James Bloodworth spent six months working in low-wage, low-status jobs in the United Kingdom and tried to get by on the meagre proceeds. The result is a compelling and sometimes shocking account of working in the some of the worst jobs in Britain, writes Christabel Cooper
He first heads to Rugeley in Staffordshire, where he reports there was considerable excitement when Amazon first chose the town as the site for a new ‘fulfilment centre’. Initially locals applied for jobs as pickers at the warehouse, but quickly found the abysmal pay and conditions intolerable, with most workers now Romanians bussed in each day in from other nearby towns. Amazon itself comes across as an inhuman machine, accepting the workers shovelled in by exploitative employment agencies, and usually spitting them out – exhausted – after a few months (‘releasing’ them in the slightly sinister corporate euphemism).
Bloodworth goes on to take jobs as a care worker, at a call centre and finally does a stint as an Uber driver. His time in the care sector is an indictment of a system which attempts to look after an ageing population on the cheap. The punishing schedule of visits often leaves little time to do important tasks properly, offering an inadequate and even dangerous service to elderly people. Bloodworth found himself on a zero-hours contract. These not only impose uncertainty on workers, but that they also hand employers a huge power advantage – complain about anything, and your hours get cut.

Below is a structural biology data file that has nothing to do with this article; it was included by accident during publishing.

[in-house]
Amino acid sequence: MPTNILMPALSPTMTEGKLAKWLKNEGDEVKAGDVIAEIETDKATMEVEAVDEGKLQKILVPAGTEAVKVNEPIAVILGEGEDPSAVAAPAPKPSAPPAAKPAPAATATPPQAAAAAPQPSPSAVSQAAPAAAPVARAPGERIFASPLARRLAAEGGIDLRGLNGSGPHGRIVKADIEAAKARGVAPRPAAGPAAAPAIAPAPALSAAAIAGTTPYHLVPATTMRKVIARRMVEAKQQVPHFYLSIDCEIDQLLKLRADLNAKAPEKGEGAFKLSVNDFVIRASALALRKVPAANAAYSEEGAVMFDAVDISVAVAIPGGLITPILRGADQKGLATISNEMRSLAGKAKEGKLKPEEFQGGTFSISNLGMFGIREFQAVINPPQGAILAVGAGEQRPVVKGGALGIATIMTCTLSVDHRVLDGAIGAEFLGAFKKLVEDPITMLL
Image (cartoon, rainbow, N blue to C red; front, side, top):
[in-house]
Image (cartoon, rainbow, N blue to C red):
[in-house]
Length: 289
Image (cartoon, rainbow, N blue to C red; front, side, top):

The events of the book take place a few months before the Brexit vote. It casts a long shadow over the narrative. Bloodworth is particularly good at describing ‘left behind’ towns, where decently-paid and fulfilling employment can be hard to find. He finds considerable resentment of immigrants, but he also makes it clear that migrants are among the most exploited workers.
Two of the towns Bloodworth lived in had been impacted by the closure of coalmines. He tries hard to avoid romanticising the past, repeatedly pointing out that mining was a physically exhausting and dangerous occupation. But he often invokes a lost sense of community without fully examining how intrinsically patriarchal and insular some of those old communities were.
For Bloodworth, the widely accepted creed of ‘meritocracy’ is key to society’s continued tolerance of an underclass, which suggests it is fine for some people to be right at the bottom, so long as they ‘deserve’ to be there. But he also criticises the class warriors of the hard left, who see the working classes purely as weapons in a struggle against the bourgeoisie. In a telling passage Bloodworth states that there would be far fewer appalling workplaces ‘if the left was a bit less fixated on … the slogans, the thundering speeches and the whiff of “revolution” – and a little more interested in the boring stuff’.
Hired is a wake-up call to all of us. The cheap products and services that we enjoy can come at a terrible human cost.
Christabel Cooper is a member of the Progress strategy board. She tweets @ChristabelCoops
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